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Speaking to Texas Baptists, not for them.

Jesus: “You are the salt of the earth. … You are the light of the world. A city built on a hill cannot be hid. … In the same way, let your light shine before others, so that they may see your good works and give glory to your Father in heaven.” Matthew 5:13a, 14, 16 NRSV

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The Bible Speaks on Christian Citizenship
Politics is the business of deciding who gets what, when, and where. Christians dare not leave such vital business to unbelievers. In fact, it may be said in these times that no one can be a good Christian unless he or she is also a good citizen. The Christian faith demands responsible citizenship. Democracy by its nature requires citizen participation in the process of government at every level — local, state, and national. The Bible, moreover, explicitly calls for Christian citizenship. Read more »

Therefore: Religion and Politics
One of the unwritten rules of most family gatherings and church socials is that polite conversation avoids two topics: religion and politics. We particularly avoid talking about religion and politics together. All too often we lack the knowledge, patience, and skill to navigate the deep divides of partisan politics in these settings, and in the service of familial and congregational civility, we tend to steer clear of discussions about candidates, social issues, public policies, and their faith connections with people who might not share our views. Read More »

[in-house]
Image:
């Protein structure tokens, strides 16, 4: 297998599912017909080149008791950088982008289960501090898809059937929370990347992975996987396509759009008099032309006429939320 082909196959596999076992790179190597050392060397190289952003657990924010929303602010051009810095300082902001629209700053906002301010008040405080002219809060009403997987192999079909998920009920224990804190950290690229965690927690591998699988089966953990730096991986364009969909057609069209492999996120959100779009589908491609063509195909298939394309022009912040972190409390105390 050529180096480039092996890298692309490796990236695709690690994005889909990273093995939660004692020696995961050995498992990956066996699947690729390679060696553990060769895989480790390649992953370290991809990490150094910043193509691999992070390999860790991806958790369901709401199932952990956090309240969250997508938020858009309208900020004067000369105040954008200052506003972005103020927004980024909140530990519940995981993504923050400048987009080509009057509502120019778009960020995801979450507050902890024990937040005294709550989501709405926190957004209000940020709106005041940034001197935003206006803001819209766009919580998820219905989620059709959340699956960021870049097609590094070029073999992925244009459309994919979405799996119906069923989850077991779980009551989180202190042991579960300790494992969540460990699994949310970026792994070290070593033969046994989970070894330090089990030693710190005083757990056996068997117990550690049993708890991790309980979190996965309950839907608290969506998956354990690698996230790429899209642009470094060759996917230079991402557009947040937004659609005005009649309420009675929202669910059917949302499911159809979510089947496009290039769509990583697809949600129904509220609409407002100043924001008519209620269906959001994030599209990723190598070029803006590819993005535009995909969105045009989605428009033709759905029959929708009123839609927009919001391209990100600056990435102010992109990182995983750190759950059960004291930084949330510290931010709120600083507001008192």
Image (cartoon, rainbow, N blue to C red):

Food for Thought
Rotten to the Core: Late last year, President Obama made a pilgrimage of sorts to the sleepy town of Osawatomie, Kansas, to talk about the economy. He went there because it’s where, in 1910, Teddy Roosevelt gave one of his most famous speeches, called “The New Nationalism,” which was, in part, an attempt to unite his party around a common vision of a well-managed economy. Read more »

“‘Christian Democracy’—An Oxymoron?,” Center for Public Justice: Can the word “Christian” ever convey a positive connotation when used in conjunction with politics and government, or does it necessarily carry the negative baggage of past imperialisms? Is a phrase such as “Christian democracy,” for example, an oxymoron … or can it stand on its own with integrity? Read more »

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